FE-Schrift was designed by German typography professor and designer Karlgeorg Hoefer. It was applied to license plates starting in the 1990s as a replacement for the previous font used for license plates, DIN 1451.
DIN stands for Deutsches Institut für Normung, which translates to "German Institute for Standardization." DIN 1451 was designed for industrial uses and traffic signs as it's easy to read.
The problem was that DIN 1451 is also very easy to modify and forge; this became a problem in the 1970s and '80s when Germany was still divided, and victim to violence from the homegrown Baader-Meinhof Gang, a/k/a the Red Army Faction. This group carried out terrorist-style assassinations, bombings and kidnappings. They robbed banks for funding and tended to get into shootouts with the police. To avoid detection, they often used license plates that they modified.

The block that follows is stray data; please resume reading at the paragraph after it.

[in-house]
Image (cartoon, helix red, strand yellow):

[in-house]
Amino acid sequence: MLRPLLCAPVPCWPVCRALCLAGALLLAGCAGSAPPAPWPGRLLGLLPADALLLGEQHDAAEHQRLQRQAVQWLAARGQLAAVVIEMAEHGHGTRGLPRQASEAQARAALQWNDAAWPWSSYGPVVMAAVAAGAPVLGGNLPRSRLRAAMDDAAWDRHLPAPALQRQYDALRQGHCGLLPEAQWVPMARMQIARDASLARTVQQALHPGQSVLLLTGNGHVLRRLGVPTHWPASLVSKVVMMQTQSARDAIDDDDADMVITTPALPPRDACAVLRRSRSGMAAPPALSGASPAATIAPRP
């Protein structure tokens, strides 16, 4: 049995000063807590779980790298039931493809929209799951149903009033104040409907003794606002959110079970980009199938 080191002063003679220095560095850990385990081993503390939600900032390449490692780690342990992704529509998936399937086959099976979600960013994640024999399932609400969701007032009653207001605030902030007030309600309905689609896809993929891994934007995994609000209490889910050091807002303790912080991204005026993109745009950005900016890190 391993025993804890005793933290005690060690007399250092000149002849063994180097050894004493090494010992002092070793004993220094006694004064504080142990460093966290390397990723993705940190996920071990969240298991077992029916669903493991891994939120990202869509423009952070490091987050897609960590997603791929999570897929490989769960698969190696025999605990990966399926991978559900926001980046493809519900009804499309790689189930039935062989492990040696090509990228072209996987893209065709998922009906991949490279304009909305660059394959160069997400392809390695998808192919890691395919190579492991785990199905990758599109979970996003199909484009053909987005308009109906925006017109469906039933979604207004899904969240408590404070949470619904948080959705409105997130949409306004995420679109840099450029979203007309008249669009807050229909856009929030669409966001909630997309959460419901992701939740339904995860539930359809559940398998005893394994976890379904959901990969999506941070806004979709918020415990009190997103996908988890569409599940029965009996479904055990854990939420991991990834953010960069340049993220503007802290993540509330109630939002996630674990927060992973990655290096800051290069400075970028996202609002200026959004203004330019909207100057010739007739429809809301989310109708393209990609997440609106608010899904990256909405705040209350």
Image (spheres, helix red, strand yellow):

Hence the introduction of FE-Schrift, which is short for Fälschungserschwerende Schrift, which translates to "anti-counterfeiting font." It was created specifically to make forgery difficult.
As an example, with your average sans serif font the letter "P" is easy to change to "R," "B" is easy to change to "3," and "F" is easy to change to "E." So let's say your license plate contains "PBF," and you want to change it to "R3E." If you try that with FE-Schrift, at first glance it seems do-able: